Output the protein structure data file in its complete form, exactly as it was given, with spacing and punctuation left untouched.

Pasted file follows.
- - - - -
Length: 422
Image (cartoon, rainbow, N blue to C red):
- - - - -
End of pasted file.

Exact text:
Length: 422
Image (cartoon, rainbow, N blue to C red):